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Making it back to the drop zone

For many reasons, sometimes you will open after your skydive at a not-so-ideal location. Perhaps there were a lot of groups ahead of you in the plane that took a while, or the winds have shifted, or you did a tracking dive and you ended up off of the wind line.

The first thing you should always do before you leave the ground is know what the spot should be and where the uppers are. In this modern age, this is easily found via apps on your smart phone, or on websites like aviationweather.gov. You can always ask too if you are not sure - I (Wendy) will always be able to tell you what the spot is for the day. In Central Texas, around the Austin area, typically winds are high in the winter and spring and light at other times of the year. In the winter it is not uncommon to have 30-40 knot upper winds, and sometimes upper winds will come from opposing directions than the ground winds. This can make both spotting tricky, and also getting back to the drop zone can be more challenging.

You should always look out of the plane and spot before you jump. Even if you are not the first group out, you can be looking out the windows so you have a good idea what direction you are heading and where over the ground you are. If the spot is bad, it is ok to ask the pilot for a go-around or a 180 to make a better spot.

Upwind

Alright. So let'say now that you open up and you are a long way upwind from the drop zone. What can you do? As soon as you know that you have a good canopy, spin around and point at the drop zone. Pick you legs up to your chest and get them out of the wind. Minimizing your drag makes a HUGE difference in getting back. Collapse your slider - but make sure you do that while pointed the correct direction. Depending on your canopy and the winds - either rear risers or some amount of brakes might be the best method to get back.

There is a concept called the stationary point - if you are pointing a certain direction under canopy, ground you will be able to fly over will look like it is moving towards you in your field of vision, ground that you won’t get to will appear to be moving away, and there is a point that is stationary in your vision. That point is where you will touch down if you do nothing else.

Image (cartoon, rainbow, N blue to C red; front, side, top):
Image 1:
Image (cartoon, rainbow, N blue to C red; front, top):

Finding that destination point is key. Because once you do that, you can experiment and figure out what technique makes that stationary point the furthest enabling you to get back. Even jumping the same canopy, I have had wind conditions where deep brakes work better than rear risers. Other days rear risers work better. It is important to remember that the best technique of rear risers is half an inch to an inch of rear risers. More than that and you are stalling the canopy and you are actually making your situation worse.

In CRW we call that the ferris wheel. When a user is coming up to dock on a formation, they often are flying in a bit of rear risers. But often they will then add a bit too much rear risers which will actually cause them to drop. And they fly in a ferris wheel behind the formation. So if you use your rear risers, it is important not to do too much.

If you are always watching that stationary point, you can experiment with quarter brakes/half brakes/deep brakes/risers and figure out what is working best.

Downwind

If you open up downwind of the drop zone and are trying to get back, most likely pulling your knees to your chest and going full flight will work best. It might help slightly pulling down on front risers slightly. When we are doing CRW, pulling down a tiny bit of front risers gives you extra forward speed, but pulling deeper front risers makes you dive very steeply. If you pull steep front risers you are going far more down than forward.

A mistake that is often made is spiraling down in high winds - you need to be aware that 50% of the time you are spiraling you are pointing downwind. The best way to hold your position is just pointing straight into the wind..

Crosswind

What about if you are crosswind? This gets a bit trickier. You need to differentiate between the direction your canopy is pointing and the direction you are actually moving. If you have any kind of crosswind, they won’t be the same. So if you just point at the drop zone, you may be actually flying downwind of it. If you believe you have altitude to get there, you should be pointing your canopy so that the direction of flight is actually the playground - not the target. If you are having a time getting back, you might be aiming for the location where you can turn crosswind or final.

It is important to always keep somewhere safe to land when you are flying back. You never want to put yourself in a position where you have to make it all the way back or you will be landing in obstacles. You don’t want to get so focused on making it back that you have to land downwind or forget to flare because you are so focused on clearing a fence. There have been fatalities where people were barely making it back and then doing a low turn to get back into the wind. Always have somewhere safe to land - at Skydive Temple if you are long to the south you can work your way back but always keeping an open field that you can land in if you don’t get all the way back. Sometimes it is better to land off than to take a chance and crossing obstacles.

If landing off, always fly a landing pattern and look for poles/fences and other obstacles. If possible, take a cell phone with you when you jump so you can contact the drop zone if landing off.

Skydive Temple is located near Austin, TX, and we have thousands of open fields around us to land in. If you move to other parts of the country, you may not be that lucky. Learn to be safe here, and it will help you wherever you travel to.


Written by Wendy Faulkner, 10,000+ jumps, AFF-I, CRWdog